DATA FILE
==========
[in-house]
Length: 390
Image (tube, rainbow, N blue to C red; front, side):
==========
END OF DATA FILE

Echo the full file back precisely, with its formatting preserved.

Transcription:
[in-house]
Length: 390
Image (tube, rainbow, N blue to C red; front, side):